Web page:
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CASE REPORT
Management of a giant uterine leiomyoma
  1. Poh Ting Lim1,
  2. Chin How Tan2,
  3. Hui Ling Chia3,
  4. Jessie Phoon1
  1. 1Obstetrics and Gynaecology, KK Women’s and Children’s Hospital, Singapore, Singapore
  2. 2Anaesthesiology, KK Women’s and Children’s Hospital, Singapore, Singapore
  3. 3Plastics, Reconstructive and Aesthetic Surgery, KK Women’s and Children’s Hospital, Singapore, Singapore
  1. Correspondence to Dr Poh Ting Lim, pohting.lim{at}mohh.com.sg

Summary

Uterine leiomyomas are the most common tumours arising from the female reproductive tract. However, giant myomas, which are greater than 11.4 kg in weight, are exceedingly rare. They may cause a pressure effect on surrounding organs, heart and lungs, which can be potentially life threatening. We present a case of a 53-year-old woman with a massive uterine mass complicated by restrictive lung disease. She underwent a total abdominal hysterectomy and bilateral salpingo-oophorectomy with frozen section and reconstruction of the abdominal wall by the gynaecologists and plastic surgeons. The excised specimen weighed 27.8 kg, which included a benign subserosal leiomyoma measuring 64 by 50.5 by 15 cm. Intraoperative blood loss was 7 L and her postoperative recovery was complicated by coagulopathy and haemorrhagic shock. This case illustrates the pivotal role of multidisciplinary care in the management of complicated surgical patients and the need for careful perioperative care.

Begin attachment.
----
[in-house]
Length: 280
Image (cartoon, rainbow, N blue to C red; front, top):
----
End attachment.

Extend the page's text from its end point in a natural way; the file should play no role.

• obstetrics and gynaecology

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Footnotes

  • Contributors PTL: the corresponding author took the lead and was the main writer of the manuscript. JP: was the gynaecologist who performed the surgery for this patient. She was also involved in the conception and editing of this case report. HLC: was the plastic surgery consultant who performed the abdominal reconstruction for the patient and wrote the section on technique of abdominal closure in this manuscript. CHT: was the anaesthetist who cared for the patient intraoperatively and postoperatively. He also provided critical feedback in editing the manuscript.

  • Funding The authors have not declared a specific grant for this research from any funding agency in the public, commercial or not-for-profit sectors.

  • Competing interests None declared.

  • Patient consent Obtained.

  • Provenance and peer review Not commissioned; externally peer reviewed.

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